Volume 523, November-December 2010
|Number of page(s)||21|
|Published online||15 November 2010|
PHAT: PHoto-z Accuracy Testing⋆
Leiden Observatory, Leiden University,
Niels Bohrweg 2,
2 Canada-France-Hawaii Telescope Corporation, Kamuela, HI 96743, USA
3 Spitzer Science Center, 314-6, California Institute of Technology, 1201 E. California Blvd, Pasadena, CA, 91125, USA
4 Jet Propulsion Laboratory, California Institute of Technology, MS 169-327, Pasadena, CA 91109, USA
5 Department of Physics, University of Oxford, DWB, Keble Road, Oxford, OX1 3RH, UK
6 Department of Physics and Astronomy, University College London, Gower Street, London WC1E 6BT, UK
7 Department of Astronomy, The Ohio State University, 4055 McPherson Lab, 140 W. 18th Avenue, Columbus, OH 43210, USA
8 Institute of Astronomy, University of Cambridge, Madingley Road, Cambridge, CB3 0HA, UK
9 Instituto de Astrofísica de Andalucía (CSIC), Apdo. 3044, 18008 Granada, Spain
10 Department of Astronomy, Yale University, New Haven, CT 06520-8101, USA
11 Department of Physics and Astronomy, Johns Hopkins University, 3400 North Charles Street, Baltimore, MD 21218, USA
12 Department of Computer Science, Johns Hopkins University, 3400 North Charles Street, Baltimore, MD 21218, USA
13 Space Telescope Science Institute, 3700 San Martin Drive, Baltimore, MD 21218, USA
14 Department of Physics, Institute of Astronomy, ETH Zürich, Wolfgang-Pauli-Strasse 16, 8093 Zürich, Switzerland
15 Department of Physics, University of Michigan, Ann Arbor, Michigan 48109, USA
16 Department of Physics and Astronomy, University of Waterloo, 200 University Avenue West, Waterloo, Ontario, N2L 3G1, Canada
17 Laboratoire d’Astrophysique de Marseille, CNRS-Université d’Aix-Marseille, 38 rue Frédéric Joliot-Curie, 13388 Marseille Cedex 13, France
18 Centre for Astrophysics Research, University of Hertfordshire, College Lane, Hatfield AL10 9AB, UK
19 Department of Astronomy, University of Wisconsin-Madison, 475 N Charter St., Madison, WI 53706, USA
20 Centre for Astrophysics & Supercomputing, Swinburne University of Technology, PO Box 218, Hawthorn, VIC 3122, Australia
21 Institut d’Estudis Andorrans, Avda Rocafort 21–23, AD 600 Sant Julià de Lòria, Andorra
22 Department of Physics of Complex Systems, Eötvös Loránd University, Pf. 32, 1518 Budapest, Hungary
23 Physics Department, University of California, 1 Shields Avenue, Davis, CA 95616, USA
24 Kavli Institute for Particle Astrophysics and Cosmology, SLAC National Accelerator Laboratory, Menlo Park, CA 94025, USA
Accepted: 23 July 2010
Context. Photometric redshifts (photo-z’s) have become an essential tool in extragalactic astronomy. Many current and upcoming observing programmes require great accuracy of photo-z’s to reach their scientific goals.
Aims. Here we introduce PHAT, the PHoto-z Accuracy Testing programme, an international initiative to test and compare different methods of photo-z estimation.
Methods. Two different test environments are set up, one (PHAT0) based on simulations to test the basic functionality of the different photo-z codes, and another one (PHAT1) based on data from the GOODS survey including 18-band photometry and ~2000 spectroscopic redshifts.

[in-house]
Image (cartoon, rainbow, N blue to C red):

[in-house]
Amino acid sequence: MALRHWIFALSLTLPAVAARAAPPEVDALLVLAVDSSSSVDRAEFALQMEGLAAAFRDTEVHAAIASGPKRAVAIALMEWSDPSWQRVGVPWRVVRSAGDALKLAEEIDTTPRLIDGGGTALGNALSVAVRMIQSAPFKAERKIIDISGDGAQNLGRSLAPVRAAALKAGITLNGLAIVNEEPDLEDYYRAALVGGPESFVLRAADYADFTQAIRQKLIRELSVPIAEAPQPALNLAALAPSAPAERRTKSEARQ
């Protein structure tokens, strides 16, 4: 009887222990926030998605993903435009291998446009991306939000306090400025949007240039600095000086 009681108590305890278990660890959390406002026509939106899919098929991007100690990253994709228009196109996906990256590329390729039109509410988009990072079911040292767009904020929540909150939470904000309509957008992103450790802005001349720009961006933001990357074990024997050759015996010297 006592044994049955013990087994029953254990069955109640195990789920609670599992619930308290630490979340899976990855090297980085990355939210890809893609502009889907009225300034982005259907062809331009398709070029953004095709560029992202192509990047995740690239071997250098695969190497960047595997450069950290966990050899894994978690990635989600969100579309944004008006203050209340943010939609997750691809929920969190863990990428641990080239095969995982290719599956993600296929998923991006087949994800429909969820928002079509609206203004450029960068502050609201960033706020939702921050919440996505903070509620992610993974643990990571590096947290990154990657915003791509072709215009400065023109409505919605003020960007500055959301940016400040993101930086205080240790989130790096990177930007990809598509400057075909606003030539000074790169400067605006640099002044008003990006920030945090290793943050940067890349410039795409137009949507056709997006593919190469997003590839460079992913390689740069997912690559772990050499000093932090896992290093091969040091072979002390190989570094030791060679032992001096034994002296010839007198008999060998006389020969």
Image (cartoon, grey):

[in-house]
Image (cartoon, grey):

Results. The accuracy of the different methods is expressed and ranked by the global photo-z bias, scatter, and outlier rates. While most methods agree very well on PHAT0 there are differences in the handling of the Lyman-α forest for higher redshifts. Furthermore, different methods produce photo-z scatters that can differ by up to a factor of two even in this idealised case. A larger spread in accuracy is found for PHAT1. Few methods benefit from the addition of mid-IR photometry. The accuracy of the other methods is unaffected or suffers when IRAC data are included. Remaining biases and systematic effects can be explained by shortcomings in the different template sets (especially in the mid-IR) and the use of priors on the one hand and an insufficient training set on the other hand. Some strategies to overcome these problems are identified by comparing the methods in detail. Scatters of 4–8% in Δz / (1 + z) were obtained, consistent with other studies. However, somewhat larger outlier rates (>7.5% with Δz / (1 + z) > 0.15; > 4.5% after cleaning) are found for all codes that can only partly be explained by AGN or issues in the photometry or the spec-z catalogue. Some outliers were probably missed in comparisons of photo-z’s to other, less complete spectroscopic surveys in the past. There is a general trend that empirical codes produce smaller biases than template-based codes.
Conclusions. The systematic, quantitative comparison of different photo-z codes presented here is a snapshot of the current state-of-the-art of photo-z estimation and sets a standard for the assessment of photo-z accuracy in the future. The rather large outlier rates reported here for PHAT1 on real data should be investigated further since they are most probably also present (and possibly hidden) in many other studies. The test data sets are publicly available and can be used to compare new, upcoming methods to established ones and help in guiding future photo-z method development.
Key words: techniques: photometric / galaxies: distances and redshifts / galaxies: photometry / cosmology: observations / methods: data analysis
© ESO, 2010
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